Spring clean your mind

As the August chills begin to fade, color and music land on the winter palette as bright shots of blossom, bunches of wattle, tiny green buds and early morning birdsong hint that spring is in the air!

As my four children grew up a small competition arose between them:  who would bring home to Mum the first sprigs of spring from the trees on the nature strip!  They haven’t been doing it in recent years – too busy raising their own families! So Don has taken over the task and there it sits before me as I write this, now wilting gently in the vase, but offering the promise of sunshine and the prospect of a warm summer with long days and balmy nights.

In Helsinki earlier this year we experienced for the first time a taste of the ‘land of the midnight sun’.  How unusual to be outdoors ‘til then and beyond in broad daylight!  And then a scant few hours of darkness until dawn at 4 a.m. heralding a bright day ahead.

But in that part of the world extensive daylight and its accompanying warmth is extremely short-lived … 3 months at most with the remainder of the year dark and cold.  No wonder those three months are regarded as a precious time and cause to commence celebrations.

We happened to be in Riga, Latvia, in June at Midsummer weekend.  The sense of happiness was palpable and marked by music, dancing, festivity, flowers and general merriment on that whole holiday triad.  Seasonal food in abundance – especially berries – with lots of wine of course and a range of taste tempting delights filling every space in the markets.  It was impossible not to engage in the fervent clamor and appreciation of light!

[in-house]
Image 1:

We are so fortunate in Australia, usually taking for granted the natural gifts that others prize.  Though it makes for a great holiday, we don’t even have to migrate to Queensland to know green and color and sunlight and blue skies … and to shed our winter gear, and replace it with lightness and ease; whereas in Eastern Europe these are luxuries worthy of festivity.

But though in our lucky country we don’t celebrate spring, still the season brings with it the urge to change.  We ‘spring-clean’ the cupboards, air the soft furnishings, turn down the heating and open the windows to let the fresh air fill the home.

In our house we’re also celebrating the arrival of a new little four-legged guest having succumbed to the charm of a mature age Heinz breed dog, abandoned by his owner and in need of a good home.  When you’ve been used to the company of a pet and you lose that animal, it’s surprising how greatly their absence dominates.  And now suddenly Charlie has brought life into that space again, inviting walks in the approaching good weather and a very warm welcome at regular moments each day.  No wonder pets, dogs especially, are recommended now as part of therapy for many groups of people.  And, believe it or not, something in this little fellow’s eyes hints at a kind of celebration for him too, now that he’s securely placed in a loving home again.

So this year as spring offers hope, enthusiasm and the urge to change, as you will see in our Newsletter, we want to share a wider sense of celebration, too.  We also continue to celebrate the 30 years’ exciting, responsive and immensely satisfying work here at the Centre – and so, building on the strand I commenced last month, I offer another ‘pearl of wisdom’, building on the words attributed to Lao-tzu:

While “the journey of a thousand miles begins with a single step”, if that step is taken with ease, the journey is guaranteed to present far less difficulty.